Bactrian Camel

(Camelus ferus)




Facts about this animal

The Bactrian camel is unmistakable due to the two humps on its back, which essentially consist of lipid tissue. It is a very large animal with a body length of about 300 cm, a height (at the humps) of up to 230 cm, and a body-weight of up to 1000 kg. The face is long and somewhat triangular, with a split, hairy upper lip. The nostrils can be sealed to keep out dust in the frequent sandstorms which occur in the camel’s arid habitat. The tail is about 50 cm long. The two broad toes on each foot have undivided soles and are able to spread widely as an adaptation to walking on sand.

The long, wooly coat varies in colour from dark brown to sandy beige. There is a mane and beard of long hair on the neck and throat, with hairs up to 25 cm long. The shaggy winter coat is shed extremely rapidly, with huge sections peeling off at once, almost as if it were shorn off.

Did you know?
that camels do not really spit? It?s more like throwing up! They bring up the contents of their stomachs, along with saliva, and project it out. This is meant to surprise, distract, or bother whatever the camel feels is threatening it.


Name (Scientific) Camelus ferus
Name (English) Bactrian Camel
Name (French) Chameau de Bactriane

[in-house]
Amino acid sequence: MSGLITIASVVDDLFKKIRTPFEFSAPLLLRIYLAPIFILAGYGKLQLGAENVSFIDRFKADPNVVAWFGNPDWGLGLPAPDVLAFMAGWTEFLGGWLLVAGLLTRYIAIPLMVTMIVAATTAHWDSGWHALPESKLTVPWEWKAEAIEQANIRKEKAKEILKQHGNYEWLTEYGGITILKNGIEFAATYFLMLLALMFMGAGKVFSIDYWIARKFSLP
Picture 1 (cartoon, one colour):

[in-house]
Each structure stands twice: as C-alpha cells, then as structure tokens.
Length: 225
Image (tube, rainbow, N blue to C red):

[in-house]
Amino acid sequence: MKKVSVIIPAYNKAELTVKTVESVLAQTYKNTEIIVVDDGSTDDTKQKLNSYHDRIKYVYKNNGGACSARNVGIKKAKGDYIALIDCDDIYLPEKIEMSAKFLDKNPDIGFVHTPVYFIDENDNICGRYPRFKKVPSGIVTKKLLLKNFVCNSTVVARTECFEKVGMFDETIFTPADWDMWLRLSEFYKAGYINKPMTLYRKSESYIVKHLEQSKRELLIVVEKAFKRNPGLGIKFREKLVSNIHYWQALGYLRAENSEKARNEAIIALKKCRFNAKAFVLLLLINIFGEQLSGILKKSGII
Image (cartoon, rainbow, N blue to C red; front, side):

Name (German) Trampeltier
Name (Spanish) Camello Bactriano
CITES Status Not listed
CMS Status Appendix I



Photo Copyright by
Michael Pereckas



Range China, Mongolia
Habitat Arid and sparsely vegetated Deserts where habitat ranges from rocky mountainous regions to plains and high sand dunes
Wild population China: 600 ; Mongolia: 350 (2004) (IUCN Red List 211)
Zoo population 624 reported to ISIS - all domesticated specimens

In the Zoo

Bactrian Camel


How this animal should be transported

For air transport, Container Note 2 or 73 of the IATA Live Animals Regulations should be followed.


Find this animal on ZooLex


Photo Copyright by
Adrian Pingstone

Why do zoos keep this animal

All camels in zoos outside the species' range states belong to the domesticated form.

Camels are of major educational interest because of their adaptation to cold aridland conditions. They are also a good flagship species for conservation efforts as may be undertaken under the CMS' Central Eurasian Aridland Concerted Action.

Female camels and foals are fairly docile animals allowing for close encounters for creating a positive human-animal relationship.